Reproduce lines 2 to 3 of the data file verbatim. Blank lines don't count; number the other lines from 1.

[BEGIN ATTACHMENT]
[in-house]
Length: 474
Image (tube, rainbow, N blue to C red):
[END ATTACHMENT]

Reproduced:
Length: 474
Image (tube, rainbow, N blue to C red):